Pamela Carsaniga, a SabbaticalHomes.com member from the UK, participated in her first home exchange where she spent one year in a Sydney, Australia home while the members of that household occupied Pamela’s home in London.
During this year of home exchange, Pamela experienced some delightful connections and some perplexing surprises. We’ll take a look at some of the highlights and share some helpful tips. We invite other SabbaticalHomes members to share their experiences with home exchanges in the comments.
Pamela had spent many wonderful years in Sydney, Australia with her Professor husband before settling back in London in 2003. Prior to her husband’s passing, Pamela’s modified and enlarged their 1927 London home and spent time creating a lovely garden. She enjoyed her time in London, but longed to return to Sydney to catch up with friends and family. In the spirit of adventure, she arranged for a home exchange with a young family that would be temporarily relocating to London. Their home in Sydney was within proximity of Pamela’s family, old friends and activities she had enjoyed as a previous resident – so it seemed to be an ideal arrangement.
Research your location and prepare for your adventure. Confirm your predictions about the weather. Do you want to be near nature? Are you interested in an urban environment? Do you want to be near public transportation?
Length of Exchange
Originally, Pamela had only wanted to exchange homes for a few months, but when the other family requested a full year, she was happy to oblige. When the year was nearly over, the family that was staying in Pamela’s London home requested another year on the home exchange. Pamela was eager to get back to her home and garden, so they had to locate alternate accommodations.
Pamela carefully considered how to prepare her home for the exchange. She cleared wardrobes and drawers in all bedrooms and stored her own belongings in top cupboards and in bags in the attic space. She packed away antique glasses and breakables (which she strongly recommends) leaving a full range of crockery, cooking implements in the kitchen cupboards and drawers most handy for everyday use. Pamela left books on upper shelves and enclosed lower sections and cleared the middle shelves for visitors’ use.
When preparing for an exchange, consider your guests. Do they have small children? Do you have breakables? What can you do to ensure the items you hold dear are kept safe? Should they be removed from the home? Locked away in storage?
A Helping Hand
The Sydney couple enlisted their nearby parents to help Pamela with any household issues during her time in their home. The parents lived just outside Sydney in the Blue Mountains, and called from time to time to collect mail. During these visits, Pamela was able to discuss various maintenance matters concerning the house with them and was given their permission to arrange repairs with tradespeople while the parents took care of paying these repair bills.
One of the things that Pamela experienced was that her idea of home maintenance and care differed from the exchange’s family. When she arrived back in London, Pamela found some of her household items and furniture had been moved or altered, and in some cases in need of repair. Some of her items weren’t cared for in the way she was accustomed, and she had to spend time cleaning up some areas of the kitchen.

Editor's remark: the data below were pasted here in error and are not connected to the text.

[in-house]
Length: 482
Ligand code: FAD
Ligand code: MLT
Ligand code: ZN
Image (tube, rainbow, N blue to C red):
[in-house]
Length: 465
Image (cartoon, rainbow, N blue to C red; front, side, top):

When setting up a home exchange, it is important to discuss home maintenance with your tenants so that no one is surprised or confused about how things will be handled should the home require repairs during the exchange.
Are Visitors Welcomed?
Pamela’s 19–year-old grandson lived with her for six months, her daughter visited on several work trips, and her son and his wife stayed for three months and travelled back to England together. The exchange family’s parents that were helping Pamela in Sydney travelled to London to stay in Pamela’s house with their family on two occasions.
If you plan to allow guests to have visitors in your home, or you plan to have visitors stay with you in your guest’s home, it is a good idea to have this discussion and include it in your terms. Insurance and other issues may be affected by additional guests.
Pamela’s relationship with the owners’ parents developed into a friendship. Upon their return, they invited her to spend a weekend with them in their Blue Mountains home and meet with the local conservation group of which they were members.
Tips: An Overview
To avoid surprises, it’s a good idea to create a mutual list of expectations when it comes to rentals and exchanges. Get to know your tenants and consider their circumstances. Some things to consider (although each situation is different, so this is by no means a comprehensive list):
- What special situations do they need addressed?
- Is your home an appropriate fit for their needs? Do they have small children? Pets?
- What’s the best way to safeguard items that are dear to you?
- If home cleanliness is an expectation, consider requiring a housekeeping service in the contract.
- Additional on-demand or supplemental insurance might be something to consider in the event that items are damaged.
- Make sure everyone’s expectations are understood. For example, if a household item breaks (such as a refrigerator) and no one is at fault, who will be responsible for the repair?
Communication and knowledge are some of the best tools you have at your disposal. Be honest and fair, and plan accordingly – but know that even the best plans aren’t perfect. Flexibility is something that goes a long way. Above all else, enjoy your adventure!